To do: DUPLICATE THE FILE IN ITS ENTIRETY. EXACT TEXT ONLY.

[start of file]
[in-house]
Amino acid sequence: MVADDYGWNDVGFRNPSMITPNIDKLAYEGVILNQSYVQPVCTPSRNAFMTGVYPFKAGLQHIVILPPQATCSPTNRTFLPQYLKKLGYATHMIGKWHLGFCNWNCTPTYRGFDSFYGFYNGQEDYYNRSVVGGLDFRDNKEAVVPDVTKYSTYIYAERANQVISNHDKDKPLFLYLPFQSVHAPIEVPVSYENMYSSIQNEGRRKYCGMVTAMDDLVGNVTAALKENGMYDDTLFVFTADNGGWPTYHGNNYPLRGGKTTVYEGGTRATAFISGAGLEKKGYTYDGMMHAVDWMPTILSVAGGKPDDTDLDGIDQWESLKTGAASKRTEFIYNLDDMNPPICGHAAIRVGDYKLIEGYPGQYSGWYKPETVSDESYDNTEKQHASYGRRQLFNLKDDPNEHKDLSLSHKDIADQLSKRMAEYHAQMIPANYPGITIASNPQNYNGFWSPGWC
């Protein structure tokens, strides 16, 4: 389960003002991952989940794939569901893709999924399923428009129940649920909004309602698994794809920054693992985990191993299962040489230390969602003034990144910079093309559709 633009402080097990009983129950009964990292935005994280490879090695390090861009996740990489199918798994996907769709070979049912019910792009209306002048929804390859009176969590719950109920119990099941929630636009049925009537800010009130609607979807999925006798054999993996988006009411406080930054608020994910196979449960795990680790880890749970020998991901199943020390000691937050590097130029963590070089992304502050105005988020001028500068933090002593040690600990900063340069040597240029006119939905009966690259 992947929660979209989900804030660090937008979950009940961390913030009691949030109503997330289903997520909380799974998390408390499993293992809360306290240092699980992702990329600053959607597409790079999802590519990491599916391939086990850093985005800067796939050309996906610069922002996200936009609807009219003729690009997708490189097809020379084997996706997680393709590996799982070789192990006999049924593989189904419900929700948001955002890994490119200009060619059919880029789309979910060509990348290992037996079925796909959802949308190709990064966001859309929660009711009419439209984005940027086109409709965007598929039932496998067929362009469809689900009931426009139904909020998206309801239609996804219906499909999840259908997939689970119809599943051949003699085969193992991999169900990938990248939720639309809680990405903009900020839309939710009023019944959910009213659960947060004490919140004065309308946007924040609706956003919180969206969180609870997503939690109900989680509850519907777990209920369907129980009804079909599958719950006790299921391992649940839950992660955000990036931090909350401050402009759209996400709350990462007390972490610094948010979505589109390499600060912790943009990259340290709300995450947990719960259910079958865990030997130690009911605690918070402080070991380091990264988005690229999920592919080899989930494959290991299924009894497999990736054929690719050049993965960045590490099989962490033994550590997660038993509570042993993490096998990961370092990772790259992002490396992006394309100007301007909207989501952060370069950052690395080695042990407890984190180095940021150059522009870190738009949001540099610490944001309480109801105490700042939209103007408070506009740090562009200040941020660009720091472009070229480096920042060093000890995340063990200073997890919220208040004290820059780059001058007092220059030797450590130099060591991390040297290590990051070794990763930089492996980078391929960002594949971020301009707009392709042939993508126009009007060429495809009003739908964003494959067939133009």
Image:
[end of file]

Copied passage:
[in-house]
Amino acid sequence: MVADDYGWNDVGFRNPSMITPNIDKLAYEGVILNQSYVQPVCTPSRNAFMTGVYPFKAGLQHIVILPPQATCSPTNRTFLPQYLKKLGYATHMIGKWHLGFCNWNCTPTYRGFDSFYGFYNGQEDYYNRSVVGGLDFRDNKEAVVPDVTKYSTYIYAERANQVISNHDKDKPLFLYLPFQSVHAPIEVPVSYENMYSSIQNEGRRKYCGMVTAMDDLVGNVTAALKENGMYDDTLFVFTADNGGWPTYHGNNYPLRGGKTTVYEGGTRATAFISGAGLEKKGYTYDGMMHAVDWMPTILSVAGGKPDDTDLDGIDQWESLKTGAASKRTEFIYNLDDMNPPICGHAAIRVGDYKLIEGYPGQYSGWYKPETVSDESYDNTEKQHASYGRRQLFNLKDDPNEHKDLSLSHKDIADQLSKRMAEYHAQMIPANYPGITIASNPQNYNGFWSPGWC
């Protein structure tokens, strides 16, 4: 389960003002991952989940794939569901893709999924399923428009129940649920909004309602698994794809920054693992985990191993299962040489230390969602003034990144910079093309559709 633009402080097990009983129950009964990292935005994280490879090695390090861009996740990489199918798994996907769709070979049912019910792009209306002048929804390859009176969590719950109920119990099941929630636009049925009537800010009130609607979807999925006798054999993996988006009411406080930054608020994910196979449960795990680790880890749970020998991901199943020390000691937050590097130029963590070089992304502050105005988020001028500068933090002593040690600990900063340069040597240029006119939905009966690259 992947929660979209989900804030660090937008979950009940961390913030009691949030109503997330289903997520909380799974998390408390499993293992809360306290240092699980992702990329600053959607597409790079999802590519990491599916391939086990850093985005800067796939050309996906610069922002996200936009609807009219003729690009997708490189097809020379084997996706997680393709590996799982070789192990006999049924593989189904419900929700948001955002890994490119200009060619059919880029789309979910060509990348290992037996079925796909959802949308190709990064966001859309929660009711009419439209984005940027086109409709965007598929039932496998067929362009469809689900009931426009139904909020998206309801239609996804219906499909999840259908997939689970119809599943051949003699085969193992991999169900990938990248939720639309809680990405903009900020839309939710009023019944959910009213659960947060004490919140004065309308946007924040609706956003919180969206969180609870997503939690109900989680509850519907777990209920369907129980009804079909599958719950006790299921391992649940839950992660955000990036931090909350401050402009759209996400709350990462007390972490610094948010979505589109390499600060912790943009990259340290709300995450947990719960259910079958865990030997130690009911605690918070402080070991380091990264988005690229999920592919080899989930494959290991299924009894497999990736054929690719050049993965960045590490099989962490033994550590997660038993509570042993993490096998990961370092990772790259992002490396992006394309100007301007909207989501952060370069950052690395080695042990407890984190180095940021150059522009870190738009949001540099610490944001309480109801105490700042939209103007408070506009740090562009200040941020660009720091472009070229480096920042060093000890995340063990200073997890919220208040004290820059780059001058007092220059030797450590130099060591991390040297290590990051070794990763930089492996980078391929960002594949971020301009707009392709042939993508126009009007060429495809009003739908964003494959067939133009």
Image: